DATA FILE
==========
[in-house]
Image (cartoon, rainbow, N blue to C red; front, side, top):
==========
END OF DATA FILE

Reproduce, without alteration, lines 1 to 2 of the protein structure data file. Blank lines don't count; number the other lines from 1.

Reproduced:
[in-house]
Image (cartoon, rainbow, N blue to C red; front, side, top):